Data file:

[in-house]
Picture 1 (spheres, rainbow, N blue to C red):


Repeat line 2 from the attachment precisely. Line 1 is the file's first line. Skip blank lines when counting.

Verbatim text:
Picture 1 (spheres, rainbow, N blue to C red):